Gender Equity: The Title IX Debate Rages On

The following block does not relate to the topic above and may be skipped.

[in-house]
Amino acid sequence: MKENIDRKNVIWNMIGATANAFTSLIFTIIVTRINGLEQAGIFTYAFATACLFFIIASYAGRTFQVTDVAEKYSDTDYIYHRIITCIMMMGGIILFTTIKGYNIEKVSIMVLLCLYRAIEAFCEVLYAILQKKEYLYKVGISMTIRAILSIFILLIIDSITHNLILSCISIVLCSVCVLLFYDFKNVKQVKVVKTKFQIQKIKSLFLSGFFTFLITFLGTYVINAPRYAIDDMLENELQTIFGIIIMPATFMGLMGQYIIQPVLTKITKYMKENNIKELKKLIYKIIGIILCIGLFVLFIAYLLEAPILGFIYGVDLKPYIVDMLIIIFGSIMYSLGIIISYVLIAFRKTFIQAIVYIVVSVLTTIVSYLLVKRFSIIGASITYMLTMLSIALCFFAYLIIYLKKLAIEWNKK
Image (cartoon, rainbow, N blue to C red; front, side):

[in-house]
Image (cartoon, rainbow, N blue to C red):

Little more than 30 years ago, the Educational Amendments including the famous (infamous?) Title IX section that prohibits sexual discrimination in all education institutions that receive federal funding. Title IX states that: No person in the United States shall, on the basis of sex, be excluded from participation in, be denied the benefits of, or be subjected to discrimination under any program or activity receiving federal financial assistance. Since its implementation in 1972, Title IX has meant huge increases in athletic scholarships for female athletes as well as the addition of countless women’s teams in programs previously dominated by men’s sports teams. This has also meant more opportunities for higher education for women that would not have been possible before. The way it claims to level the “playing field” for women in sports is by requiring the proportion of female to male athletes to be equal to that of the general student body. It also requires funding for men’s and women’s athletic programs to be proportionally equivalent. So if 60% of the students at your high school were women, 60% of the athletes at the school should be women, right? This is not the reality in the majority of high schools and universities across the nation. While UVM has done better than many other schools in this aspect, currently boasting 54% athletes to its 60% female student body, many problems of sexual inequities persist. A study done by the Women’s Sports Foundation in 2001 reported that women are only one-third of interscholastic and intercollegiate athletes. It was also reported that women receive less than 28% of college sports’ operating budgets and college recruiting money. At UVM, the men’s hockey program at has been around since the ’63/’64 season, but it took the athletic program almost 30 years after Title IX was passed to even have a women’s club hockey team. The men’s team also offers 18 full scholarships while the women’s team, which moved up to Division I this season, offers none. However unfair this seems, it is understandable that it will take a new program quite a while to be established as a good program and able to attract the caliber of players who deserve full scholarships. The current debate about Title IX has critics claiming that by adding women’s sports in universities and high schools, it takes away so much from the men’s programs that the amendment has actually done more harm than good. These critics fail to consider that participation from male athletes has increased along with female athletes in schools nationwide. There is also the fact that 67% of the administrators of athletic programs are men and in turn, make the decisions about which programs are cut and which are added (Women’s Sports Foundation 2001). For example, if a school like The University of Michigan wanted to add a women’s ice hockey team, rather than cutting the men’s gymnastics, swimming or wrestling teams, which has been the general trend in other programs, it could decrease its football scholarships from 85 to 65 and continue funding all of the men’s teams as well as starting a women’s hockey program. Do they really need 114 people on a football team? Even the New England Patriots only have 70 men on their roster. UVM Softball coach Pam Childs commented on this problem, saying, “Who runs collegiate athletics? Men. They have made the decisions to cut men’s sports rather than balance the budget and keep all the sports going.” Childs has been the softball coach at UVM since 1985 and was the field hockey coach through 1997. While she admits that Title IX has done a lot of positive things for women in sports, Childs believes that there is still much to be done. At UVM, three of our women’s varsity teams are coached entirely by women (lacrosse, softball, and tennis), three are coached entirely by men (swimming, hockey, and track), and four are coached by a combination of men and women (soccer, field hockey, skiing and basketball). When asked about this situation and how it is perceived by the players and coaches themselves, UVM women’s head soccer coach Jodi Kenyon said, “It’s a little bit disheartening that we don’t have more female coaches here, but I don’t think that someone is going to react better one way or another. It should always be the best candidate for the position.” It is seen as normal to have a male head coach for a women’s team, in fact according to the Women’s Sports Foundation, half of all women’s teams are coached by men, but only two percent of men’s teams are coached by women. Says Childs, “Society tells us that men aren’t actually supposed to listen to women. A lot of women are comfortable with it (having a male head coach) because society tells us that that’s how it is.” While it is still often hard for women to be involved in this enterprise which is dominated by men, there are still many options for women to stay involved in sports. The UVM women’s tennis coach, Muff Parsons-Reinardt, who has won the America East Coach of the Year Award three times since 1990, mentioned the U.S. Tennis Association as a great option for her players who want to stay involved. There are tournaments in which people of all skill level are welcomed to play. Interestingly enough, it took UVM 13 years to put Parsons-Reinhardt on as a full time staff member, the same time they hired Denis Miller as the women’s hockey head coach. There are not a tremendous amount of options for women to play professional sports. If they are good enough, which is a very small percentage of people who play college sports, there are a few different leagues such as the Ladies Professional Golf Association, or the Women’s Pro Bowling Association. Then there’s the United States Pro Volleyball, the WNBA, the Women’s Pro Football League, the Women’s Pro Softball League, the Women’s Tennis Association and the Women’s United Soccer Association. There is no way that all of the women that play high school or collegiate sports will play in one of these professional leagues, nor will all the men who play sports. The problem is that the critics of Title IX are advocating making it easier to spend more money on the development of men’s programs and less and less on women’s programs because they say that fewer women are “interested” in athletics anyway. It is true that fewer women play sports right now, but at the same time, Title IX has really only had one generation of women to bring up believing that playing sports doesn’t mean you are like a man, or that you must be gay because you play sports. We need more time to continue getting women and girls involved in order to really make things equal for the women who do want to play. So pick up a raquet or pick up a ball, and get out there, ladies!